Most ophthalmologists screen for retinopathy by taking a picture of the retina to see if any blood spots are visible. In the last two years, a new form of imaging, called optical coherence tomography angiography, or OCTA, has emerged. It’s not yet widely available but can detect diabetic retinopathy long before vessels start leaking blood and fluid.
This new technology allows your doctor to see into the retina to examine blood flow, swelling, and whether your eye is losing blood vessels, Rosen says. Your ophthalmologist can also measure how the disease has progressed at each visit. “We can tell if [the person] is losing capillaries—and how fast,” says Rosen.
You’ll receive laser treatment when abnormal blood vessels start to grow on the retina. The laser burns 1,000 to 2,000 tiny spots on the outer areas of the retina in order to shrink the fragile, bleeding blood vessels. This saves central vision but sacrifices peripheral, or side, vision.
An experimental treatment may provide an alternative. Instead of burning areas of the retina to get rid of leaky blood vessels, researchers use low-intensity micro-pulses to treat the growth of blood vessels and the swelling in the retina. The idea is that low-level laser energy in the eye could slow the growth of fragile blood vessels and reduce swelling without damaging the tissue responsible for peripheral sight, says Rosen.
A treatment for retinal swelling (macular edema) may hold promise for abnormal blood vessel growth. The FDA recently approved for retinopathy treatment Lucentis, an anti-vascular endothelial growth factor (anti-VEGF) drug that is injected directly into the eye and works to stop damaged blood vessels from leaking (the drug was already approved to treat macular edema). It may reduce the growth of blood vessels and, in some cases, improve vision more than the traditional laser treatment, says Chew. Now, pharmaceutical companies are investigating how to extend the length of time these drugs work in the body to limit office visits. Rather than monthly injections, the aim is to go six months or longer between treatments, says Rosen.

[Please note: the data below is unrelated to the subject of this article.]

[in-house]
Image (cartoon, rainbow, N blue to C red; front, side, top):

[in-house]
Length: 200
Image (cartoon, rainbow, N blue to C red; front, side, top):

Drug trials are also underway to treat early stages of the disease, most likely with oral medication, which is more appealing than anti-VEGF injections. Researchers have identified molecules that can affect how the capillaries become clogged with red and white blood cells. The goal is to prevent capillaries from closing or to reopen them. “If we can address the disease right at the beginning, then we can change the whole course of it,” says Rosen.
Don’t wait until you notice vision loss, dark spots, or other abnormalities to see an ophthalmologist. With regular screenings, your doctor can detect eye disease early and help to preserve your vision. The American Diabetes Association’s 2017 Standards of Medical Care recommends:
- Adults with type 1 have a dilated eye exam within five years of their diabetes diagnosis.
- Kids who’ve had type 1 diabetes for three to five years should get a comprehensive eye exam at age 10 or after puberty has begun, whichever is earlier.
- People with type 2 have a dilated eye exam at the time of their diabetes diagnosis.
- People with type 1 and 2 have annual dilated eye exams. If there is no evidence of retinopathy for one or more annual exams and blood glucose is well managed, doctors may recommend eye exams every two years.
- Women with diabetes receive an eye exam before becoming pregnant or in the first trimester. Pregnancy can hasten the start or progression of diabetic retinopathy.